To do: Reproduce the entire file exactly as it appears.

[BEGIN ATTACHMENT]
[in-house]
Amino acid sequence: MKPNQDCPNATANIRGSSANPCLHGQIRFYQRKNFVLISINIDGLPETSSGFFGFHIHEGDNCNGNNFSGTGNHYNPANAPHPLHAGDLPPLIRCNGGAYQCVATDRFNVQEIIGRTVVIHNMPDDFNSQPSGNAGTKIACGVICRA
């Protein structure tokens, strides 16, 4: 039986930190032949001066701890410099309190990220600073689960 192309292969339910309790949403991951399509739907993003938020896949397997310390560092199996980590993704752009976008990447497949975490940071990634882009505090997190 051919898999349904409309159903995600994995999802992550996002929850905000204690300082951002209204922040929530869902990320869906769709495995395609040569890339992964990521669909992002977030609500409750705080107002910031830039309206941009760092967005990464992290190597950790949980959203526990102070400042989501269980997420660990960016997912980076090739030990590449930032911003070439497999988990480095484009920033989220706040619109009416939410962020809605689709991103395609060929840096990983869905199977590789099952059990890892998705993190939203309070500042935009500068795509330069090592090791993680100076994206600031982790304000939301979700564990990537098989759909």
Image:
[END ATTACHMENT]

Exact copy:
[in-house]
Amino acid sequence: MKPNQDCPNATANIRGSSANPCLHGQIRFYQRKNFVLISINIDGLPETSSGFFGFHIHEGDNCNGNNFSGTGNHYNPANAPHPLHAGDLPPLIRCNGGAYQCVATDRFNVQEIIGRTVVIHNMPDDFNSQPSGNAGTKIACGVICRA
């Protein structure tokens, strides 16, 4: 039986930190032949001066701890410099309190990220600073689960 192309292969339910309790949403991951399509739907993003938020896949397997310390560092199996980590993704752009976008990447497949975490940071990634882009505090997190 051919898999349904409309159903995600994995999802992550996002929850905000204690300082951002209204922040929530869902990320869906769709495995395609040569890339992964990521669909992002977030609500409750705080107002910031830039309206941009760092967005990464992290190597950790949980959203526990102070400042989501269980997420660990960016997912980076090739030990590449930032911003070439497999988990480095484009920033989220706040619109009416939410962020809605689709991103395609060929840096990983869905199977590789099952059990890892998705993190939203309070500042935009500068795509330069090592090791993680100076994206600031982790304000939301979700564990990537098989759909």
Image: